PE: As an early-career researcher who has been working in the field or in the greenhouse, I had to learn bioinformatics from scratch.
During my first weeks with Jose’s group, we designed a workflow to analyse the raw sequencing data using different software and planning alternative paths, while I was becoming more familiar with programming and using different tools.
For this, the help of all the group members was very important! As we advanced in the pipeline, I also learned some of the genetics behind the mapping process, so, at the end of my research stay, I was able to try and tell which alternative and tool was more accurate to obtain better results.
LML: During my training, I had the opportunity to work with Panicum maximum. This Tropical grass is very important, because it is used as forage for cattle grazing and cutting, being known for their high nutritional quality for livestock systems.
In this project, we used previous phenotypic data collected by the tropical forages team at CIAT, as well as sequencing data and genomic information assembled by the De Vega group. With these data, we explored different ways to do association mapping in a diversity panel of P. maximum accessions.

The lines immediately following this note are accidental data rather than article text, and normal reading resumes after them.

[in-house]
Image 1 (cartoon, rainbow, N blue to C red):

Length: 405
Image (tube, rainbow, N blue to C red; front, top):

The main result of this work was the identification of significant associations (QTL’s) related to biomass production, which is a very desired trait for breeding. However, we continue to obtain more interesting results.
I had the chance to learn from each member of the group, whose contribution was crucial to my learning process. In addition to their support in my own training, I was also able to learn from the work they have been doing in their own projects.
Thanks to the Earlham Institute’s Advanced Training programme, I had the opportunity to participate in different courses on data carpentry and acquire knowledge and tools about data analysis, using programming languages such as R and Python, the Unix Shell command interpreter, and database management.